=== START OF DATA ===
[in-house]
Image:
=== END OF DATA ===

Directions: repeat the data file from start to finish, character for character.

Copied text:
[in-house]
Image: